The GAM officials also cited other examples to explain how their own internal rudimentary justice system is used to warn wrongdoers, acknowledging that this often involves the abduction and detention of suspects. Those targeted have included subdistrict officials, some nineteen of whom had been taken and warned over the previous year not to engage in government functions; women and girls accused of flirting with Brimob officers; and many others.
There is strong reason to believe that the GAM "justice" system is anything but just. One person interviewed by Human Rights Watch, whose family member had been brought before a district council in a matter involving alleged financial wrongdoing, said the suspect had no opportunity to defend himself and the principle of presumption of innocence was totally absent.
At the outset of this report, we documented the abduction and execution of the wife of a military commander who was suspected of being a cuak or informer. It was not an isolated instance. When Human Rights Watch asked one GAM member about the case, he said that GAM told its people not to target family members of the security forces but, if they did, the GAM leadership understood what motivated them and would forgive them. That justification comes very close to the police argument that excuses killings of civilians by Indonesian forces on the grounds that GAM attacks on the security forces make soldiers and police "emotional."
The readiness with which GAM assumes individuals are "infiltrators and spies" is also particularly disturbing, especially as it is often tied to ethnicity. Any stranger coming into a village is likely to be apprehended by GAM, according to GAM officials themselves. The captors then ask the stranger to speak Acehnese, and if they cannot, it is assumed that they are spying for the military. GAM claimed to have detained some ethnic Javanese who had been trained by the Indonesian military in Medan and who then had been sent back to work either as spies or militia members in Aceh, The GAM officials told Human Rights Watch that the "spies" were released after a warning and after obtaining from them names of other "trainees." GAM then used the local newspapers, Serambi and Waspada, to publicize the fact that it had lists of names, and to warn those concerned to cease their activities.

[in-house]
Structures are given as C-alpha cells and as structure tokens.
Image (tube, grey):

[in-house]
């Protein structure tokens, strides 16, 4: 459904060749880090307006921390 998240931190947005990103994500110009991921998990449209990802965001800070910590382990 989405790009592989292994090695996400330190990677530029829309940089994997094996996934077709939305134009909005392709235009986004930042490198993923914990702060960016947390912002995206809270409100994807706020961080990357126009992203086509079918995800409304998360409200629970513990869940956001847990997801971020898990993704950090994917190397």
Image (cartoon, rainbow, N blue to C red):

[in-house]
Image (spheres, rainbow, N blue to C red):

GAM leaders have repeatedly expressed their intention to remove ethnic Javanese from Aceh, at least as a temporary measure. As a result, over the past two years, tens of thousands of Javanese migrants have fled across the provincial border into North Sumatra, where they are scattered in more than forty different locations. GAM claims that it has urged Javanese to leave so that they cannot be recruited by the Indonesian security forces as spies, and denies that it has forcibly expelled them, but this is disingenuous.45 In fact, GAM has used a combination of terrorization, arson, and some killings to force Javanese out. Human Rights Watch received numerous eyewitness reports of GAM "sweepings" - searches at gunpoint - of buses plying the Banda Aceh-Medan road, during which anyone found with a Javanese-sounding name on his or her identity card was taken off the bus for an unknown fate.